Ecocritical Interpretation

Suitable for both A level students and teachers new to ecocriticism, this invaluable study guide offers a concise, clear explanation of environmental theory, with detailed interpretation and analysis of a variety of texts.

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Poisoned and poisonous: The Loney, by Andrew Michael Hurley.

In The Loney, Hurley conjures a mystic, bleak yet beautiful landscape that is the backdrop for a story where the relationship between the human and the landscape is so much a focus of the work that it becomes an ecocritical text in its own right. Hurley depicts a landscape poisoned by human activities and which has become, in its turn, poisonous. Environmental theory, then, may search beyond the mysterious beauty of the novel’s location for the more unpleasant reality of a damaged natural world.

The Loney – a ‘wild and useless length of English coastline’ (p 4) – is a spoiled place. It is ‘desolate’; the bay is a ‘dead mouth’. Hurley points to human actions for the cause of this sickened landscape, referring to ‘old industry’ (p 5). Everywhere, there is evidence of human carelessness and malpractice: jetties have been ‘abandoned in the sludge’; the old causeway is now ‘a line of rotten black posts’. There are ‘remnants’; all is ‘rusting’; a wooden lighthouse is merely a ‘stump’. It is a picture of (human) ruin and waste.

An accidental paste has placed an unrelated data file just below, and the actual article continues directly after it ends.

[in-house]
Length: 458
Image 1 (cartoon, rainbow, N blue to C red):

The coastline of the Loney is depicted as ‘an immense distance of grey’; the sea is a ‘grim plain’ (p 40). Hurley evokes a sense of a place haunted in the region’s ‘sudden mist, a mumble of thunder over the sea’. The wind is ‘scurrying… with its crop of old bones’. Here, the sibilance of ‘immense distance’ and ‘sudden mist’ evokes the sound of the slow sweep of the tides. The onomatopoeic ‘mumble’; the assonance of ‘mumble’ and ‘thunder’ together – all work to create a landscape of latent power. Contrast these with the monosyllabic ‘grim’ and ‘plain’; the effect is to evoke a sense of the changeable and fickle nature of the environment. The wind is personified, the dynamic verb ‘scurrying’ giving us a sense of the natural world ill at ease; filled perhaps with discontent.

© Ali Cargill 2016